Georgia Tech postdoctoral researcher Kimberly Chen has ended up winning a ScienceMatters quiz after relaxing at home one evening last week.
"I've listened to a few other episodes of the podcast," Chen says. "It's a great way to get to know the exciting research happening at Georgia Tech."
Chen hails from Taipei, in Taiwan. She came to Georgia Tech in 2016, joining the labs of Matthew Herron and Frank Rosenzweig, in the School of Biological Sciences.
"I am broadly interested in the evolution of complexity," Chen says. "For my Ph.D in Indiana University Blomington, I studied the evolution of non-coding RNAs that regulate bacterial development."
In Georgia Tech, Chen's research aims to find answers to a major question in evolutionary biology: How did the transition from single cells to multicellular organisms take place. She is especially examining the genetic mechanisms underlying this transition. Chen and her colleagues are using experimental evolution to generate de novo multicellularity in a unicellular alga that's under pressure from predation.(https://www.biorxiv.org/content/early/2018/06/07/247361). "I am using both genomic and genetic approaches to understand the genetic basis of the evolved multicellular phenotypes," she says.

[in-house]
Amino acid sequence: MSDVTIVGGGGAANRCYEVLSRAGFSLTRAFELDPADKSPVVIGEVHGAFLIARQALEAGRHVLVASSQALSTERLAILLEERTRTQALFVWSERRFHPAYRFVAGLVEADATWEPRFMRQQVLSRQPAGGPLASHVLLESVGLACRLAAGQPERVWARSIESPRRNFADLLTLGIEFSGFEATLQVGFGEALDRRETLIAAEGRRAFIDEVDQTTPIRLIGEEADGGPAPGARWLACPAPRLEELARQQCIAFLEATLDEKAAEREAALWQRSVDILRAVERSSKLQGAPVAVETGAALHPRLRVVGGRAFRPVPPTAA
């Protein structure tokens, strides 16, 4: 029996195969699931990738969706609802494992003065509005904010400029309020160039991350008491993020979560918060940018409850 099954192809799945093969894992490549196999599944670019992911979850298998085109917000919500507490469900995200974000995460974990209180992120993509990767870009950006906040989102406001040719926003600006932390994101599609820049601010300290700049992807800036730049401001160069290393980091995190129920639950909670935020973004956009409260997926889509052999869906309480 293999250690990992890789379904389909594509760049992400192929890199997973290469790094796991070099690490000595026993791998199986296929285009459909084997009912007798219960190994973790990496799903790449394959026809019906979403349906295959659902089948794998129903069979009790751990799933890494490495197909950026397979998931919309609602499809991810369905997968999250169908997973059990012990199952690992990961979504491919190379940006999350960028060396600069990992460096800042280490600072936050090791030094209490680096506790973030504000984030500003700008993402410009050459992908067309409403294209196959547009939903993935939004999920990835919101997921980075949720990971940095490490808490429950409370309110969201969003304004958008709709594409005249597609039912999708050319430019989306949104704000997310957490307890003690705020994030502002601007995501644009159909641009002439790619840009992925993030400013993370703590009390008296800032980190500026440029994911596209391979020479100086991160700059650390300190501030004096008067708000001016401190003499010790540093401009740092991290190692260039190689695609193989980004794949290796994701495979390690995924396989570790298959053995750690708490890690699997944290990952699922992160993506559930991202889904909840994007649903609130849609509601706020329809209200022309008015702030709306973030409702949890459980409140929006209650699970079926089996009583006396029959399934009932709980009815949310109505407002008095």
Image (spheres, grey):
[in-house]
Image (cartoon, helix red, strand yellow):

The Episode 6 quiz question: According to Episode 6, what animal did Simon Sponberg study when he was an undergraduate in Lewis and Clark College, in Oregon?
The answer: Gecko
Episode 7 of ScienceMatters is out this week. "Sneaking Science into Punk Rock" stars Jennifer Leavey, principal academic professional in the School of Biological Sciences, director of the Georgia Tech Urban Honey Bee Project, and integrated science curriculum coordinator for the College of Sciences. But when she straps on a guitar, Leavey becomes Leucine Zipper, leader of the rock band Zinc Fingers.
If you would like to join the ScienceMatters Hall of Fame, enter the answer to this question: In Episode 7, what is the name of the song that Jennifer Leavey says sounds like a love song but is actually about bacteria living together in biofilms?